Asado de Came (BBQ Beef)Featured by Adventure Package: Chile in the International Wine Club.
If you're looking for authentic, here it is! Those of you with a passion for BBQ will love this mouth-watering Chilean challenge. Pair it with the Chilean wines from the International wine of the month club!Yield: 8 - 10
Prep Time: 25 Minutes
Cook Time: 110 Minutes
• Beef loin, preferably a grass fed lomo vetado (rib eye), of around 8 lbs
• Chorizos or other sausages
• Salt, preferably coarse sea salt
A parrilla, or grill, that can be raised or lowered (or with higher and lower shelves) and a poker or shovel to move the coals.
• Natural charcoal, about 12 lbs.
• Newspapers to start the fire
1. About 3 ½ hours before you plan to eat, start the fire by twisting newspaper into long tubes and wrapping around a bottle. Pile charcoal around the paper and remove the bottle. Drop a crumpled newspaper into the paper tower, and light. The charcoal will light, but it will take time. Be patient. And start early.
2. When the coals are no longer flaming and are covered with a film of white ash, spread them evenly and adjust the grill height so that can hold you hand above the coals for about 1 to 2 seconds; high heat, 350 to 450° F. Put the roast on the grill and sear the meat for about 5 minutes on each side.
3. When the meat is seared, salt it liberally and raise the grill to a height where you can hold you hand for 3 to 4 seconds; medium heat, 250-350° F. Put it fatty side down for about 1 hour and 15 minutes, adjusting the grill and adding charcoal as necessary to maintain the temperature. (If you start a second batch of charcoal after about 20 minutes, you will be ready.)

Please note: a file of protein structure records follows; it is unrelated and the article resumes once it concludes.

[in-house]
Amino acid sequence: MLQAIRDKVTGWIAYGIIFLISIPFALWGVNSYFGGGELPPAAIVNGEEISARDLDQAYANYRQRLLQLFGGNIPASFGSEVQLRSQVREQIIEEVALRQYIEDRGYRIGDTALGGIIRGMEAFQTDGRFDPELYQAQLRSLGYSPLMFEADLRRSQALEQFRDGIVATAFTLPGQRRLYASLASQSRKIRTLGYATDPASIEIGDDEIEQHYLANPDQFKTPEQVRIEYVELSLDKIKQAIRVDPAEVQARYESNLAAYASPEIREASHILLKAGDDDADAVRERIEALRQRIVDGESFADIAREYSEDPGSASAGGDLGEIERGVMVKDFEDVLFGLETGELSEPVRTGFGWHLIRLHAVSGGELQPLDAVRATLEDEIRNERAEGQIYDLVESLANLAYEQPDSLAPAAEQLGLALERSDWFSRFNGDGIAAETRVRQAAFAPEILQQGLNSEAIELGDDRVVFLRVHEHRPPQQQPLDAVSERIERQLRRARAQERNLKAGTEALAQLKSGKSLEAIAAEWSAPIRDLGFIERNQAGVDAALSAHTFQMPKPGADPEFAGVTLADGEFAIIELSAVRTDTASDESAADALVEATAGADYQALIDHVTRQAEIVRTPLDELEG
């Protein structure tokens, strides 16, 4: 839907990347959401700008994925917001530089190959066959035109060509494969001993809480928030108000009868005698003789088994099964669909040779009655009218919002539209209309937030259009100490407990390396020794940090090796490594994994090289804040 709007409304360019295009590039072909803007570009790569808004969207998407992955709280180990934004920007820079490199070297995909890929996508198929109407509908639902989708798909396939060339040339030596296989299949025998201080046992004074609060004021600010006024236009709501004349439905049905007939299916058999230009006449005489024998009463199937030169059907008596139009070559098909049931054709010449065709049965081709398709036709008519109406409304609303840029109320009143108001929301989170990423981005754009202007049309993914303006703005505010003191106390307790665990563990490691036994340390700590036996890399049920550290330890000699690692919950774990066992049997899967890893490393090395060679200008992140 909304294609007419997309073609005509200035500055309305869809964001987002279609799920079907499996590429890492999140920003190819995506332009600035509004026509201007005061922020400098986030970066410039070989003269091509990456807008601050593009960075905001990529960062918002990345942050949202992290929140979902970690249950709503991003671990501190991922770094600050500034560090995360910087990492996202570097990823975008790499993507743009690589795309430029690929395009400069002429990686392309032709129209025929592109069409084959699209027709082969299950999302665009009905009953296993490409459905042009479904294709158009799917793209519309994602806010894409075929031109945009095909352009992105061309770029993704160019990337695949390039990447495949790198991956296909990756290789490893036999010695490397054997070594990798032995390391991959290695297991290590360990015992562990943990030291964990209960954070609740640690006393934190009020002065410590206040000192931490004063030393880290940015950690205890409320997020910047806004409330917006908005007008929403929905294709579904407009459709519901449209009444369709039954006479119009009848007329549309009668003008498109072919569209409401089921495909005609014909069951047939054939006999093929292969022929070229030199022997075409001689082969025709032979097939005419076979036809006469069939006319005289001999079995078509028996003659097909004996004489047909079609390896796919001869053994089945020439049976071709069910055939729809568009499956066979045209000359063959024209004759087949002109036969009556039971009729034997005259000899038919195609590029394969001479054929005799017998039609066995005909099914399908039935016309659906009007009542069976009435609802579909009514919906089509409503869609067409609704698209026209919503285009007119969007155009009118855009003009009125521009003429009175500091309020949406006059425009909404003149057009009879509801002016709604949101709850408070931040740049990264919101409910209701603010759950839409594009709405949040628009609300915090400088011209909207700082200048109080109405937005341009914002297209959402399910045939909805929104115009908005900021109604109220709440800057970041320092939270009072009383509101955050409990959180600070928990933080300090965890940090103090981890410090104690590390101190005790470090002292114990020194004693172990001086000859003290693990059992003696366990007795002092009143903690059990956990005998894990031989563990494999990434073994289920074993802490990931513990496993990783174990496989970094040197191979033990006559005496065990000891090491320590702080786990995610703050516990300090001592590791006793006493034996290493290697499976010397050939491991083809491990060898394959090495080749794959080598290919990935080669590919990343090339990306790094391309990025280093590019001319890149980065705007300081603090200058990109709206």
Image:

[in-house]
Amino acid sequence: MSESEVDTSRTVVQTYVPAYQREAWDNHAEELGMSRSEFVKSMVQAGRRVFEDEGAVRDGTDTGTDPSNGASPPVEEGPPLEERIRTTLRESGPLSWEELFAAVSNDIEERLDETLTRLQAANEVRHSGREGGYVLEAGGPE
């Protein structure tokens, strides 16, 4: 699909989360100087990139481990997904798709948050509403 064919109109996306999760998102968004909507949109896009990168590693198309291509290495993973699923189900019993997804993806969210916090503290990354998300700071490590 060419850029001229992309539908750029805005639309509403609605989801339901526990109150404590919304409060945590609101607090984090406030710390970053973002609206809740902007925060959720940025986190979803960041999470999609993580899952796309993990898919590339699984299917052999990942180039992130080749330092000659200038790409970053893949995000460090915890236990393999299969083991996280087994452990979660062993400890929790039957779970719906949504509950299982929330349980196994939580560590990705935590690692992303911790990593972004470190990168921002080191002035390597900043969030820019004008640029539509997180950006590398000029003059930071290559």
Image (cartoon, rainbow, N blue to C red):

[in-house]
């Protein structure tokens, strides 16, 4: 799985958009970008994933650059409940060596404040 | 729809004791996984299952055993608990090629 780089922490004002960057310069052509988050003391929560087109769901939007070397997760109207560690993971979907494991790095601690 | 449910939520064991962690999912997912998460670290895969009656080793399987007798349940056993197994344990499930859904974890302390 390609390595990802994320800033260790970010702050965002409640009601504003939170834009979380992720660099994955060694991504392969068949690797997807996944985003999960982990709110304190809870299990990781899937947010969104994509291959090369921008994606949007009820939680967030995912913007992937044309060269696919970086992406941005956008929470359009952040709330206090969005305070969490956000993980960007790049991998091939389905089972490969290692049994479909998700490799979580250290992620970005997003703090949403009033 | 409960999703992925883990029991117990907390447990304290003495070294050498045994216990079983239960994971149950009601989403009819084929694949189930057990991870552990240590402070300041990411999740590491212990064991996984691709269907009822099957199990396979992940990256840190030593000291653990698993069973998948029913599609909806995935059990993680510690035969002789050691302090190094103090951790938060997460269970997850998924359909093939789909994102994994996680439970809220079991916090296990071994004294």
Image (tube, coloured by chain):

4. After about an hour, put the chorizos on to cook. When they are cooked through and juicy, make Choripanes (chorizo + pan, "bread") for your guests by putting a chorizo in a roll (preferably a Chilean marrequeta), with a bit of pebre. They still have an hour to wait for the main course, but and should be ready for a snack.
5. When pink drops appear on the upper side of the lomo, turn the meat and continue to cook for another hour, after which pink drops will again appear on the top side. It should be al punto, juicy and medium/medium rare.
6. Rest the meat for 10 minutes, slice and serve with pebre (Chilean salsa) and salads.
If some of your guests prefer well done, common among Chileans, please do not cut off slices and return them to the grill. They will quickly turn dog-biscuit brown and develop a dry, mealy texture. Meanwhile the juices will run out of the un-rested remaining portion, forming an unappetizing pink puddle around the now dry roast.
Instead, cut the raw loin into steaks, sear each side and grill to each person’s preferred doneness. Or make antichchos, shish-kebobs, another Chilean favorite.
Recipe sourced from http://eatingchile.blogspot.com